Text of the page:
No, You Don’t Need Government Welfare for a Tattoo

Kansas lawmakers are trying to ban using government welfare for tattoos, movies, cruise ships, and more.

I was upset with proposed Missouri restrictions on food stamps because they seemed designed to turn recipients away from healthy options like seafood. The list of proposed restrictions on the use of government welfare money seems much more reasonable.

According to the Christian Science Monitor, “No movies, concerts, or tattoos: Kansas bill would limit use of welfare funds.”

The bill would make Kansas the latest state to impose its own conditions on Temporary Assistance to Needy Families (TANF) cash benefits, as state governments tighten public assistance programs in a bid to encourage employment.

The Kansas bill would also set the stage for a much broader range of restrictions on TANF funds which, as part of the Kansas Successful Families Program, are designed to help low-income residents who might be between jobs or are caring for a child or relative.

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In 2012, the federal government restricted EBT card use for liquor, gambling, and adult entertainment, according to the National Conference of State Legislatures.

At least 23 states have since passed laws extending EBT card prohibitions to things like tobacco, guns, and lottery tickets.

The new Kansas bill goes further. It bans the use of government cash benefits for concert tickets, sporting event tickets, jewelry, massages, body piercings and tattoos, nail salons, spas, fortune tellers, theme parks, swimming pools, cruise ships, video arcades, and bail, among other things.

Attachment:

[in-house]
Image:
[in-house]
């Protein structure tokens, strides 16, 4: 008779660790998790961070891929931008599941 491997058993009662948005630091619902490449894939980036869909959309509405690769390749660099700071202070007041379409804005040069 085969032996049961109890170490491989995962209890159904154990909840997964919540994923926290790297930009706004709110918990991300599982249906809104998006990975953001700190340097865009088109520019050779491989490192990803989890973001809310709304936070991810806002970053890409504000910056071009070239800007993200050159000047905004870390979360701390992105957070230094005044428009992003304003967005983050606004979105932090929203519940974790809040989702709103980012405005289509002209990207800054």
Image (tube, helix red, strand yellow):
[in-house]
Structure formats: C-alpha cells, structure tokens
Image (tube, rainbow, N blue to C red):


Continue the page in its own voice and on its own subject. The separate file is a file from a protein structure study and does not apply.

The bill also limits ATM cash withdrawals to $25 a day.

I realize that since I am opposed to all such government welfare, one might expect me to be happy about all these restrictions. But I’m not thrilled with them. If a family is supposed to be helped and is given the money to help, I could see how the $25 a day limit could be a hassle. During the summer, being able to send a child to a swimming pool to stay out of trouble could be helpful.

But, since money is fungible, I don’t see how these limits will guarantee much. A family that gets money for some items will have more in their budget for other item. Any neighbor could be used in a trade: “Let me buy your groceries and refund me in cash when I bring them to you with the receipt.” So all of this amounts to a speed bump as far as I can tell.

This video reviews both the Missouri and the Kansas proposals. At the end of it is a hopeful piece of news:

Did you catch that concluding line? Some are worried “this might deter families from even registering for benefits in the first place.”

That puts things in perspective.

If not being able to go to the nail salon with your EBT card prevents you from trying to get one in the first place then you obviously don’t need one!

How would it be a bad thing for families to choose to support themselves rather than learn to be dependents on the state?